I first got into Eulorhythmics a few years back when a friend steered me toward their excellent 2006 release “Extended Play,” a wonderfully smooth, soulful album with lush warm-weather production from producer Kenny Keys and thoughtful, appealing rhymes from rapper Adad, who painted vivid portraits of life in their native Chicago in a vocal style drawing comparisons to Mos Def, J-Live, and Slimkid Tre. As eager as I was to hear more from the duo, it proved difficult finding more information about them besides that they were down with the veteran All Natural crew, and the only other release I could track down was an expensive import from 2005 called “Sociology.” 2010’s “Green St. & Avers” marks the return of Adad and Keys on a 12-track LP.

Upon first listen I was struck by the fact that “Green St. & Avers” is both a musical and lyrical departure from “Extended Play.” Kenny Keys’ beats are more jazzy than soulful, often favoring descending organs and sparse percussion rather than the smooth bass and head-nodding grooves of the predecessor. The production strays a little toward the experimental at times, such as on the space-age instrumental track “Doos,” which features an impressive keyboard solo. Adad also displays progression, sporting a more upbeat and energetic delivery and diverting his subject matter from the heady lyricism of “Extended Play” to more approachable rhymes about women and family, such as on “Shinin'” and the single “Hot ‘n Nasty.” They assume a particular poignancy as many of his verses chronicle relationships in the second person. Still, there’s an unavoidable level of tastefulness about the duo’s music that even a fresh sound can’t shake, which is definitely one of their greatest strengths. Some of the tracks have a live, spontaneous feel, and Keys finishes each with a clean polish about his organic drum patterns. Others have a distant, abstract vibe to complement the upbeat tempo that reminds me of the Pharcyde’s “Labcabincalifornia”—the xylophone-laden “Leavin'” and the title track especially sound like leftovers from that album, with the sly hooks-by-committee, chatty bullhorned verses, tales of female escapades, and spacey instrumentation. The highlight is “Real Life,” where Adad raps staccato about day-to-day struggles of family living:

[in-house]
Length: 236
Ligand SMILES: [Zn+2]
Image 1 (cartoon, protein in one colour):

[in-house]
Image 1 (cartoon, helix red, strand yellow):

“What about the years in the trenches, the yards and the inches
The bruises and stitches, mister and missus
Same old shit as the days get distant
The pain gets closer, your aura gets blistered
The smiles die out, the couch can’t fix it
No more kisses, your dick blacklisted
Separate attorneys, alimony digits
Brand new sentence, weekend visits
Heartbroke feelin’, brand new bitches
Turtles in the oil field, still ain’t healin’
Killin’ you to death and the burns stay brimmin’
And you try to tell yourself even love got a limit
But it never run away and it never get timid
Now you ponder every day and there’s venom in your vision
Just to see another man raisin’ up your woman
Pushin’ you into the past where you used to do your livin'”

If “Green St. & Avers” doesn’t quite meet the high bar set by “Extended Play,” it’s still a worthy follow-up because it displays progression and an updated vision from the duo as they attempt a more experimental sound. It’s definitely a little left of center, but Eulorhythmics have a special sound that will appeal to fans of the tasteful music of All Natural, Mos Def, Talib Kweli, the Roots, the Pharcyde, and J-Live.

Eulorhythmics :: Green St. & Avers
7Overall Score